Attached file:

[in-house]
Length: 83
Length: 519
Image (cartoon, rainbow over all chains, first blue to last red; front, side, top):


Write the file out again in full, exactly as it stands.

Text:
[in-house]
Length: 83
Length: 519
Image (cartoon, rainbow over all chains, first blue to last red; front, side, top):